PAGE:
Originally Posted by Yooper View Post
You can use anything that sounds good to you- brown sugar, maple syrup, honey, regular sugar, treacle, whatever.



I personally hate the taste of molasses and fermented brown sugar, which tastes like molasses without the sweetness, but others must like it. I like brown sugar when it's not fermented, but once it's fermented and the sugar is gone it tastes really horrible to me. Of course, I don't like molasses either and brown sugar tastes strongly of molasses once fermentation ends.



The more you boost the ABv, the less "apple cider" the finished product will taste. It will taste more winelike than cider like, if that makes sense. I love apple wine- it's fruity and crisp and dry, but doesn't really taste like apples any more than grape wines taste like actual grapes.



My favorite cider is 100% apple cider with some ale yeast added, even if it turns out to be a lower ABV drink.

This is certainly something to think about. This is one of those things you know, but don't pay attention to til someone mentions it, so thank you!


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Old 09-02-2014, 01:31 AM   #8
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Quote:
Originally Posted by bernardsmith View Post
another technique you can use to boost the sugar concentration in your cider is simply to freeze the juice then when it has frozen solid invert the jug or bottle you froze it in and collect the juice as it thaws. The earliest thawed juice will contain the majority of the sugar so for example, after about 1/3 of the juice has thawed the gravity will be around 1.080. The more liquid that thaws the closer the gravity will be to the original gravity you measured until (obviously) when every last drop of liquid has thawed the gravity will be 1.039. What you need to do is decide the gravity you are looking for and constantly monitor and measure the thawed liquor until it reaches that gravity and at that point you need to remove rest of the frozen juice and discard the remaining ice.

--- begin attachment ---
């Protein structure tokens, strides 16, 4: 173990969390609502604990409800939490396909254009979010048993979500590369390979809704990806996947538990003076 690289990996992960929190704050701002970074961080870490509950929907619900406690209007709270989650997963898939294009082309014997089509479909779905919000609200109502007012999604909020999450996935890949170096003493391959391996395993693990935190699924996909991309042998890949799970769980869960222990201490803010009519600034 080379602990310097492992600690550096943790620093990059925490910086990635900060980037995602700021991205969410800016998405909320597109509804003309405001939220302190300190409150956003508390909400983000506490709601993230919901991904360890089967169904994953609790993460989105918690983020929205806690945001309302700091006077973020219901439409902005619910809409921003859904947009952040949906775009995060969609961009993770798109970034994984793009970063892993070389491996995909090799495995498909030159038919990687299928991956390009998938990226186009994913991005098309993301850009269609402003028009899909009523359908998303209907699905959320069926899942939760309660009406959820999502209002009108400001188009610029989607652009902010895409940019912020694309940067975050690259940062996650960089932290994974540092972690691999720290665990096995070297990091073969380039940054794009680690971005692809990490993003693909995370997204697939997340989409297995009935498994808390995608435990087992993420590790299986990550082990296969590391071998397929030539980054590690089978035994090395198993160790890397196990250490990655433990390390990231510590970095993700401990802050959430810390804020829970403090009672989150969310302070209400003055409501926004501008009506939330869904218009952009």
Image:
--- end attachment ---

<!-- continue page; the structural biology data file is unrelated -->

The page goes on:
The "cost" is that if you started with say 3 gallons of apple juice you will have considerably less - perhaps even about 1 gallon to ferment but the benefit will be that your cider will have about twice the apple flavor and twice the fermentable sugar without any addition of table sugar or molasses or honey or... whatever. This is a version of ice cider known as cryo-concentration
A good reference for this technique can be found in Claude Jolicoeur's The New Cider Maker's Handbook (2013)

Wow really cool technique, was not aware of anything like this. This is something I'm going to investigate with maybe a smaller/second batch this fall


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Old 09-04-2014, 08:02 AM   #9
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Quote:
Originally Posted by Yooper View Post
The more you boost the ABv, the less "apple cider" the finished product will taste. It will taste more winelike than cider like, if that makes sense. I love apple wine- it's fruity and crisp and dry, but doesn't really taste like apples any more than grape wines taste like actual grapes.
Now, when I said that same thing to someone here on a few ocassions they told me that I'm just plain wrong. At 10% ABV, I can't detect any apple taste. I try to keep my ciders less than 9% ABV so they still taste like apple.
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Old 09-04-2014, 08:04 AM   #10
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Quote:
Originally Posted by carlsonderek View Post
I got the cidr I want from my local apple farm as I have in the last three years, but this year it's OG is only 1.039.
They might be watering it down a bit in an effort to stretch their profits. I'd ask them about it.